Gatland ‘has to finish on a high with us’
Every Wales player at the World Cup – apart from captain Alun Wyn Jones – made their debut under Warren Gatland and the camp is determined to repay their departing head coach in the quarter-final against France on Sunday.
With Gatland leaving Wales at the end of the tournament after a hugely successful 11-year reign, the Oita clash with Les Bleus could be his last game in charge. The men around the 56-year-old, however, believe the New Zealander can take them deeper into the knockout stages.
“Warren has been around for a long time,” said Wales flanker Josh Navidi. “He’s experienced. He’ll have us ready for France. He gives us confidence because we know he’s been there and done it. We want the coaches to finish on a high and to have the send-off they deserve.
“Warren’s legacy speaks for itself and what we’ve achieved as a nation from the start of his time to where we are now is amazing.”
Gatland’s teams have delivered on the big stage in the past and Wales are firm favourites to maintain their impressive recent run against France, having won seven of the sides’ past eight games.
At his two previous World Cups, Gatland has led Wales to a semi-final and quarter-final. He is set to field a full-strength side against France.
Hadleigh Parkes missed training for the second straight day in Beppu yesterday as the centre continues to nurse a sore shoulder. His midfield partner Jonathan Davies trained fully. His left leg was heavily strapped, but Telegraph Sport understands both men – plus fellow backs Dan Biggar, George North and Josh Adams – will be fit to start.
Gatland’s main selection dilemma is who to name in the back row alongside Navidi and Justin Tipuric, with Aaron Wainwright and Ross Moriarty the options. “Everyone seems OK and it’s a huge week for us,” said Wales skills coach Neil Jenkins. “We either turn up or we are going home. It will be a very tough game and a very tight one. It’s knockout rugby now and it does not get much bigger.
“Warren is not just an incredible coach, he is an incredible person as well. He brings so much to this environment it’s unbelievable. It will be incredibly sad to see him go, but it would be nice if we could give ourselves another fortnight in Japan.”
France remain hopeful scrumhalf Antoine Dupont will play after he returned to training following a back injury. Coach Jacques Brunel is still sweating on wing Damian Penaud, who had been complaining of hip pain but will train today.
Wales and France both name their teams tomorrow. “There has only been one score in it in the last eight games we have played against France,” said Wales hooker Ken Owens. “We have confidence, but it’s not arrogance as we know how good a team the French are. They have proved that against us in the past.”
When Joe Schmidt took over from Declan Kidney as Ireland head coach in the autumn of 2013, they were still reeling from a record 60-0 thrashing handed out by the All Blacks the previous summer. It is just one measure of the extraordinary job that Schmidt has done that, as he prepares his team for what could be his final match in charge against the same opposition in Tokyo on Saturday, they have won two of their past three Tests against New Zealand.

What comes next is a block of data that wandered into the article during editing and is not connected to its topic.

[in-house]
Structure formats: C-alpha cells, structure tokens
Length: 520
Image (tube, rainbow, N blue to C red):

There can be no debate that the 54-year-old is the greatest coach in Irish rugby history. Schmidt’s impact – four titles in as many years with Leinster, three Six Nations crowns in six years (including winning the Grand Slam at Twickenham last year) with Ireland, a complete overhaul of the provincial system together with Irish Rugby Football Union performance director David Nucifora – is well documented. He has raised a country’s expectations; completely changed their mindset.
But what drives Schmidt? What drives the man driving Irish rugby? That is less well known.
Schmidt speaks very little about his upbringing in Woodville, near Palmerston North. One of eight children, he was actually born in Kawakawa, Northland, moving to Woodville later. This is Smallville, even by New Zealand standards. After winning the first of his three Six Nations titles, he joked that it was “pretty hard [to imagine] when you’re born in Kawakawa, 1,400 people and you’re shifted to the metropolis of Woodville – 1,600 people. It’s huge.”
Rugby was always a potential escape route, and Schmidt desperately wanted to make it as a player. But he was too small. Not that he accepted it. Former All Blacks scrum-half Mark Donaldson, who coached Schmidt at provincial club Manawatu, said he tried to break it to Schmidt as gently as he could that he was not going to cut it.
“I sort of laughed and said, ‘Look mate, you are really doing well to do what you do in club footy but you just won’t make my cut’. He went away to the gym – no one was going to the gym in those days – and put
Great expectations: Joe Schmidt has raised the standard of Irish rugby